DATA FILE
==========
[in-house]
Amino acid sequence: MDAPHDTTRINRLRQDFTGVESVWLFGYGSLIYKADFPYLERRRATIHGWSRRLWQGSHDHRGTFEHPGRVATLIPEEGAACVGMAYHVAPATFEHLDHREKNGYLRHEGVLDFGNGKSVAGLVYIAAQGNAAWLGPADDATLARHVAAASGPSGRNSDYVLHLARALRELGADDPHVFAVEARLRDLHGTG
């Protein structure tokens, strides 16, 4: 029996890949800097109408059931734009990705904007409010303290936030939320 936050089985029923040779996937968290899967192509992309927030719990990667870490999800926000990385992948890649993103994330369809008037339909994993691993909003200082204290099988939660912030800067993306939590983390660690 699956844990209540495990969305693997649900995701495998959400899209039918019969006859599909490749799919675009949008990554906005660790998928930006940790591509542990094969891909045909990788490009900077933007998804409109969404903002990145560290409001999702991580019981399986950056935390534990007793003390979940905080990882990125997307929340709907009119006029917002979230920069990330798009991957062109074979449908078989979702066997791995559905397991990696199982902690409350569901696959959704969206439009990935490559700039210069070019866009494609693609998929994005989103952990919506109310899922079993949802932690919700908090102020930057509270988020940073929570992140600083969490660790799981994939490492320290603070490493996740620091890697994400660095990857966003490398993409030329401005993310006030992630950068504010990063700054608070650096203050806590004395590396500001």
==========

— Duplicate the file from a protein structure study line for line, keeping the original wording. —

[in-house]
Amino acid sequence: MDAPHDTTRINRLRQDFTGVESVWLFGYGSLIYKADFPYLERRRATIHGWSRRLWQGSHDHRGTFEHPGRVATLIPEEGAACVGMAYHVAPATFEHLDHREKNGYLRHEGVLDFGNGKSVAGLVYIAAQGNAAWLGPADDATLARHVAAASGPSGRNSDYVLHLARALRELGADDPHVFAVEARLRDLHGTG
């Protein structure tokens, strides 16, 4: 029996890949800097109408059931734009990705904007409010303290936030939320 936050089985029923040779996937968290899967192509992309927030719990990667870490999800926000990385992948890649993103994330369809008037339909994993691993909003200082204290099988939660912030800067993306939590983390660690 699956844990209540495990969305693997649900995701495998959400899209039918019969006859599909490749799919675009949008990554906005660790998928930006940790591509542990094969891909045909990788490009900077933007998804409109969404903002990145560290409001999702991580019981399986950056935390534990007793003390979940905080990882990125997307929340709907009119006029917002979230920069990330798009991957062109074979449908078989979702066997791995559905397991990696199982902690409350569901696959959704969206439009990935490559700039210069070019866009494609693609998929994005989103952990919506109310899922079993949802932690919700908090102020930057509270988020940073929570992140600083969490660790799981994939490492320290603070490493996740620091890697994400660095990857966003490398993409030329401005993310006030992630950068504010990063700054608070650096203050806590004395590396500001």